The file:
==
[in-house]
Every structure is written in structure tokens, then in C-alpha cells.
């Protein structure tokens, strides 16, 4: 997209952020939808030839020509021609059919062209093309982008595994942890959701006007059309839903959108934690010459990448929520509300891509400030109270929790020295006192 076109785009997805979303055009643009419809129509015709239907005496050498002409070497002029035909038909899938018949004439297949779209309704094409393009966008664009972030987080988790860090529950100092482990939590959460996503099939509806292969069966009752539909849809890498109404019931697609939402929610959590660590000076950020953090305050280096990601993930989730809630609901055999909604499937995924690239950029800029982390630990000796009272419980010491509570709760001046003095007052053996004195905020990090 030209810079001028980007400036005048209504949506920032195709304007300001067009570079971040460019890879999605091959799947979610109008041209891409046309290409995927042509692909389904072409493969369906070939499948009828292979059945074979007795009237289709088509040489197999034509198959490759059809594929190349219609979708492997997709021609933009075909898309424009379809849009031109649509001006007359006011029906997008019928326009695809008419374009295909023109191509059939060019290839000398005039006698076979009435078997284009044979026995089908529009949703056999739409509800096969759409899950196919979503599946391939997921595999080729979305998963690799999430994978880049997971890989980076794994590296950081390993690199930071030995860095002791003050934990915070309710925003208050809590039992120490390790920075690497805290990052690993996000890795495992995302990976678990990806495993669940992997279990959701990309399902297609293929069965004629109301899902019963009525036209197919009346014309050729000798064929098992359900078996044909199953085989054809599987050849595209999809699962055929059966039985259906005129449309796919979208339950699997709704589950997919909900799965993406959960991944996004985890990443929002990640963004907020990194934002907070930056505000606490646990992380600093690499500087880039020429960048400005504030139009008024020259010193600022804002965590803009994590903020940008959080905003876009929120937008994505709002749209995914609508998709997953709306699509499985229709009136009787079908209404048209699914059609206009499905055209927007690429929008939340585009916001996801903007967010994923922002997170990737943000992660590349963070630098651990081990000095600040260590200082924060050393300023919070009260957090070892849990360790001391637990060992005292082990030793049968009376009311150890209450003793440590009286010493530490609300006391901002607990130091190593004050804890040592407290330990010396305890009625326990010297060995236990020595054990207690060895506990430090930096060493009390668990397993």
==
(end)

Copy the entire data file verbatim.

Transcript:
[in-house]
Every structure is written in structure tokens, then in C-alpha cells.
């Protein structure tokens, strides 16, 4: 997209952020939808030839020509021609059919062209093309982008595994942890959701006007059309839903959108934690010459990448929520509300891509400030109270929790020295006192 076109785009997805979303055009643009419809129509015709239907005496050498002409070497002029035909038909899938018949004439297949779209309704094409393009966008664009972030987080988790860090529950100092482990939590959460996503099939509806292969069966009752539909849809890498109404019931697609939402929610959590660590000076950020953090305050280096990601993930989730809630609901055999909604499937995924690239950029800029982390630990000796009272419980010491509570709760001046003095007052053996004195905020990090 030209810079001028980007400036005048209504949506920032195709304007300001067009570079971040460019890879999605091959799947979610109008041209891409046309290409995927042509692909389904072409493969369906070939499948009828292979059945074979007795009237289709088509040489197999034509198959490759059809594929190349219609979708492997997709021609933009075909898309424009379809849009031109649509001006007359006011029906997008019928326009695809008419374009295909023109191509059939060019290839000398005039006698076979009435078997284009044979026995089908529009949703056999739409509800096969759409899950196919979503599946391939997921595999080729979305998963690799999430994978880049997971890989980076794994590296950081390993690199930071030995860095002791003050934990915070309710925003208050809590039992120490390790920075690497805290990052690993996000890795495992995302990976678990990806495993669940992997279990959701990309399902297609293929069965004629109301899902019963009525036209197919009346014309050729000798064929098992359900078996044909199953085989054809599987050849595209999809699962055929059966039985259906005129449309796919979208339950699997709704589950997919909900799965993406959960991944996004985890990443929002990640963004907020990194934002907070930056505000606490646990992380600093690499500087880039020429960048400005504030139009008024020259010193600022804002965590803009994590903020940008959080905003876009929120937008994505709002749209995914609508998709997953709306699509499985229709009136009787079908209404048209699914059609206009499905055209927007690429929008939340585009916001996801903007967010994923922002997170990737943000992660590349963070630098651990081990000095600040260590200082924060050393300023919070009260957090070892849990360790001391637990060992005292082990030793049968009376009311150890209450003793440590009286010493530490609300006391901002607990130091190593004050804890040592407290330990010396305890009625326990010297060995236990020595054990207690060895506990430090930096060493009390668990397993």